Review: Hideout is forgettable at best

Bowling Green’s newest bar, Hideout, opened two weeks ago in the space that previously held High Tops. The new manager, Matthew Ruth, hopes to bring college kids and the downtown crowd into the bar. “Bringing both crowds together is our ultimate goal,” Ruth said. “And providing cheap food at good prices.”

David Hormell

High Tops had a short, bright life before it fizzled out like a half-spent firecracker, closing its doors abruptly at the end of 2017.

Hideout – the dining experience formerly known as High Tops – seems like an intentionally subtle shift in branding, but it instead marks an unfortunate turn for the generic.

Bill Sullivan, director of Hideout’s food services, touted a list of ostensible changes to the facility in prior Herald coverage. Hideout kept High Tops’ dining arrangements and décor. Gone are the pools and drink menus. By all appearances, the area is largely unchanged.

Regarding food, Hideout outshines its predecessor. However, High Tops wasn’t a particularly hard act to upstage, as most of the focus was centered around drinks.

Hideout’s menu offers up conventional bar food – burgers, wings, American-style tacos. I didn’t get to try every item on the surprisingly vast menu.

I did try the fries, the exceedingly rich macaroni and cheese and the gentrified tacos. The generous serving of fries was tasty.

I would be remiss not to mention other staff members’ experiences. Herald reporter Noah Moore lauded the $1 burger special on Sundays. Marketing Manager Graham Goins said he’d recommend Hideout to a friend.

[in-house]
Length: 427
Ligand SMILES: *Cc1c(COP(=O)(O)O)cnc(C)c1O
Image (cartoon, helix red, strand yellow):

Hideout’s atmosphere constantly struggles from inconsistency.

During Hideout’s grand opening, local weather curiously played on five of the televisions.

Hideout played a continuous mix of Motown. Motown is a nice gesture towards a more family-friendly eating establishment, but Berry Gordy is a vegan, and I’m not sure he could order anything off Hideout’s menu.

I bought four or five drinks. Hideout never carded me, which is oddly flattering. I’m 22, but I have a baby face. Most people mistake me for a high school student (I’m not).

I ordered a couple of gin and tonics, which tasted like tonic water sans gin. I also ordered a common drink – Bird Dog Whiskey with Red Bull, what High Tops affectionately referred to as a Bowling Green Bomb.

“Do you mean a Vegas bomb?” My waitress seemed a bit incredulous at the request.

“Yes, that’s what I meant.”

After pretending to watch the local weather for ten minutes or so, she returned and set a Vegas Bomb on my table.

“Here’s your ‘Bowling Green Bomb,’” she said using air quotes. I’ve never felt attacked by air quotes before, but Hideout sets precedents.

On my second visit, the noise was near deafening. Conversation was an impossible and lofty prospect. There’s still no drink menu or desserts.

After finishing my meal, it took 30 minutes for my waiter to bring the check on a seemingly slow night.

This night is a bit different than my first visit. This time around, the soulfully sleek sound of Motown’s greatest hits is replaced by more trendy cotton candy sweet pop music. Halsey’s “New Americana” (alternatively titled, “Only 90s kids will remember this!”) plays in the background. Taylor Swift’s older material follows.

I’m suddenly nostalgic for a different time – before “Reputation” was released, when High Tops was the glimmer of good still in my life. Perhaps I’m overly harsh – Hideout is by no means bad. It’s forgettable – it isn’t somewhere I would go on my own volition.

There’s the widespread myth of Bowling Green holding the most restaurants per capita. It’s an unproven claim. But what’s true is Bowling Green’s sprawling selection of restaurants. There’s no shortage of options. Which begs the question: with all these options, what makes Hideout different?

Features reporter David Hormell can be reached at 270-745-6291 and [email protected]. Follow David on Twitter at @davidjhormell.